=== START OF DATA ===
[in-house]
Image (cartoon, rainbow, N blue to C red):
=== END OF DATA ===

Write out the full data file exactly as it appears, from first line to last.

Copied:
[in-house]
Image (cartoon, rainbow, N blue to C red):